Pluto won’t be this close to Earth for another 200 years
Pluto, which was demoted from planet to dwarf planet in 2006, will reach its closes approach to Earth on July 4, 2014.
Pluto is about 1,000 times fainter than the dimmest stars visible to the naked eye, but Slooh Observatory will highlight out close proximity to the planet-turned-dwarf-planet in a live broadcast just before America’s Independence Day. The live stream event will also highlight the dwarf planet Ceres and asteroid Vesta, which will meet in the same small spot in the sky where they will be visible with a telescope just above the bright star Spica in the constellation Virgo.
The Slooh Observatory event will stream live online beginning at 7 p.m. Central time Thursday, July 3, 2014. You can watch the live stream in the player below, or by clicking here.
“This is Pluto’s closest approach until the 23rd century, and its final one before its secrets are finally revealed by New Horizons craft,” said Slooh astronomer Bob Berman, “Not to mention it comes nearest smack on the fourth of July.”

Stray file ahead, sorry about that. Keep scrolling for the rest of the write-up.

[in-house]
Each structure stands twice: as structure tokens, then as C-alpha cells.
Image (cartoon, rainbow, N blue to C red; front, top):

Nine years after it was launched, the New Horizons spacecraft was expected to finally travel past Pluto and its moons in July 2015. New Horizons, which was launched in January 2006, was the first spacecraft ever launched to travel to Pluto.
New Horizons is about eight feet in diameter, and weighed about 1,050 pounds when it launched. The spacecraft is about the size and shape of a baby grand piano, according to NASA.
About 8-1/2 hours after it launched, New Horizons passed the Moon. It passed Mars on April 7, 20016. New Horizons made its closest approach to Jupiter on February 28, 2007. It crossed the orbit of Saturn on June 8, 2008 and it crossed the orbit of Uranus on March 18, 2011.
“New Horizons crosses the orbit of Neptune on August 25, 2014 — exactly 25 years after Voyager 2 made its historic exploration of that giant planet,” according to NASA.
Follow NASA’s tracking of where New Horizons is now – click here.